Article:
“You never change things by fighting the existing reality. To change something, build a new model that makes the existing model obsolete.”

—Buckminster Fuller

There are plenty of amazing teachers and business professors out there. My sincerest apologies to them when I say the following:

Formal education is not the source of business wisdom.

In fact, commonly accepted business wisdom plays a big part in perpetuating the limiting beliefs that keep many businesses from fulfilling their potential.

Learning new business wisdom is important.

Unlearning bad business wisdom is required.

Most people touting their business innovations are repeating different versions of the same thing. However, the leaders who transform their businesses abandoned the typical business norms and left the comfort of certainty and control.

Dee Hock, the founder and former CEO of Visa, coined a term that I think perfectly encapsules true business innovation: he said it was a result of “chaordic leadership,” a word he got by combing “chaos” and “order.”

His explanation of the term goes as follows: “By chaord, I mean any self-organizing, self-governing, adaptive, nonlinear, complex organism, organization, community or system, whether physical, biological or social, the behavior of which harmoniously blends characteristics of both chaos and order.”

By embracing both chaos and order, Hock quietly created one of the most ubiquitous brands in the world. (Granted, it has since become like every other large corporate structure, but not until it scaled the heights of a massive worldwide business.)

Only the businesses that embrace chaord can change the world.

Getting an education in business is perfectly fine and can prepare you to fit into the business world. But it will only prepare you to fit into the business world as it is. Formal education is heavy on order, and weak on chaos. You need both.

The only way to get that chaordic wisdom is through experience. When we open up to all experiences, the source of all experience will reveal more than we could have ever known. By allowing natural wisdom to unfold, we default to using our intellect as a fluid tool rather than as a rigid guideline.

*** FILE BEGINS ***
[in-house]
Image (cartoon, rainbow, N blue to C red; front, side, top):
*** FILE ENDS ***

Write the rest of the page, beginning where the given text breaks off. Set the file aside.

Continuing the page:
How to Be a Student of Life

Embracing chaord means you become a student of life, paying attention to all living systems, including yourself and those around you. In this state of constant wonder, you exist in the most complex classroom—an environment just waiting for you to interact with it.

You observe, inquire, connect, and disconnect. You debate, deliberate, test, and fail. You are curious and persistent, yet patient.

You come alive in a state of chaord!

This state of being present in the “isness” of life will exponentially improve your critical thinking, but only if you start to critically observe and play.

Unfortunately, most of us rely too heavily on the illusion of order and not enough on the chaos of the moment. The safety of order has defined generations of leaders. We’ve numbed ourselves into believing this is “the way things work.” Leaving the comfort of what we think we know for a taste of the unknown is not easy.

As exaggerated as it may seem, by prioritizing order over chaos, you are trading endless potential for certainty.

The only way to embrace chaord is by unlearning what you think you know about leadership. That unlearning process holds the most potential for your personal growth and, in turn, your business success.

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